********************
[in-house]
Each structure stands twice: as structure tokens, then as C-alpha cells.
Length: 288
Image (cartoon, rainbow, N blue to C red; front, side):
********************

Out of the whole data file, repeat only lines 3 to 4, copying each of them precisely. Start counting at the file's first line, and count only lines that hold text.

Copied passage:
Length: 288
Image (cartoon, rainbow, N blue to C red; front, side):